Oakland home of slain education activist targeted, chief says

Intruders who shot and killed a respected education activist at his home in Oakland's Maxwell Park neighborhood had apparently targeted the residence, the police chief said Monday.

The unidentified assailants who killed Dirk Tillotson, 52, came "specifically to that residence. They did not impact other residences," Chief LeRonne Armstrong said at a news conference. 

Armstrong would not elaborate but said investigators were following up on leads. 

"We are looking into a couple of things we think could be a contributor to why he might be the focus, or his residence," Armstrong said.

Tillotson was killed and his wife was injured when shots rang out at their home on Monticello Avenue at about 11:30 p.m. Friday. 

His wife, who was shot in the arm, called 911. As police searched for a motive in the case, friends and local leaders mourned the loss of Tillotson. 

Councilmember Loren Taylor, who represents Maxwell Park, said he felt he had a responsibility to "get to the bottom of this and ensure that we are able to not just hold the perpetrators of this crime accountable, but fulfill the legacy and the mission that Dirk stood for."

Former Oakland school board member Jumoke Hodge said Tillotson was a tireless advocate for schoolkids and educational equity.

"I'm saddened deeply, yet inspired in so many deep ways around the work that he has done," Hodge said. 

She said Tillotson was known for "unapologetically looking at what the needs are for the Black community, and so I think his legacy is about moving forward."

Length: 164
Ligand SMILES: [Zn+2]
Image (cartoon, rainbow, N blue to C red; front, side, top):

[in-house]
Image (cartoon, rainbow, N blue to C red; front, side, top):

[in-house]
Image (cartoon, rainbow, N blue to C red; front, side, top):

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Fellow education activist Charles Cole III said, "Dirk was an unapologetic warrior for children and education in New York and in Oakland, just period."

Cole said he used to live in Maxwell Park, a neighborhood not immune to, but largely unaccustomed to such violence. 

"When I lived in Maxwell Park, that was the one and only time my car got stolen, right?" Cole said. "It's not the richest of the rich where it's like a gated community, you can't get in. It's also not the flattest of the flat."

Cole said the education community must build on Tillotson's work. 

"He was a damn good guy, and he didn't deserve it. We have to make sure this isn't something that happens in vain," Cole said.

Oakland community organizer Mirella Rangel said Tillotson "called the b.s. when he saw it, and saw straight through things."

She said Tillotson was also a licensed attorney who enjoyed gardening. She says he spoke out on behalf of all children, but especially Black and Arabic-speaking students. 

"He was fierce in his advocacy for the community, and he was relentless in his work for the community. He was unstoppable. So there's no way he can be replaced," Rangel said.

The police chief largely spoke on the recent gun violence that has plagued the city recently. He said that the force has lost 50 officers in the last six months.